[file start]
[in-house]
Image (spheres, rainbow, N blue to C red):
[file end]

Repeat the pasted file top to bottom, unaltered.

[in-house]
Image (spheres, rainbow, N blue to C red):